Testing of dead birds scaled back
By Sean Hao
Advertiser Staff Writer
Got a dead bird? Unless it's a native bird or a large group of birds, don't call the state. The state last month discontinued testing of dead birds that had been done under a program aimed at early detection of the West Nile virus and potential avian influenza.
The program, which included a www.gotdeadbird.org Web site and a 211 hotline, encouraged the public to notify the state of dead birds, which would then be picked up for testing. The $350,000-a-year program paid for testing of dead birds and mosquito pools for the diseases.
Neither West Nile virus nor avian influenza (bird flu) is known to be present in Hawai'i. However, the concern is that either could arrive in the islands via migrating birds or infected mosquitoes brought in on planes or ships. Early detection of the arrival of either is considered key to response plans to protect native species and human life.
The decision to eliminate the program was a result of the state's budget crunch and a decrease in concern about West Nile virus because of lower illness and fatality rates.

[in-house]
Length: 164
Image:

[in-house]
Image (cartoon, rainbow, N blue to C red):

The program was run primarily by the Department of Land and Natural Resources and the Department of Health.
"Maybe two or three years ago we were looking at a possibility of (West Nile virus) coming to Hawai'i, but since that time, with all the monitoring and testing, there hasn't been a single positive," said DOH spokeswoman Janice Okubo.
Last year, 663 people in the United States were sickened by the West Nile virus. Of those, 30 died, according to the national Centers for Disease Control and Prevention. That's down from 4,269 cases and 177 deaths nationwide in 2006.
Money that otherwise would have been spent on dead bird testing in Hawai'i is being spent to help prevent the layoff of state agriculture inspectors.
Hawai'i isn't the only state to discontinue tests on dead birds. However, states typically stop the testing only after the virus has been established in an area, according to the CDC.
The state still conducts periodic tests for avian flu in live birds, Okubo said. In addition, there is limited funding available to test dead birds, but only if they're native species or are found in a cluster of 10 or more dead birds.
"We do have the capacity to gear up for it if we see a rise or legitimate threat," Okubo said. "It's just that we're not doing it regularly and we're not doing collections of dead birds."